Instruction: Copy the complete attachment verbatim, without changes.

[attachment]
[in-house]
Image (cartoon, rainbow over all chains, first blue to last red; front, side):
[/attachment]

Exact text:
[in-house]
Image (cartoon, rainbow over all chains, first blue to last red; front, side):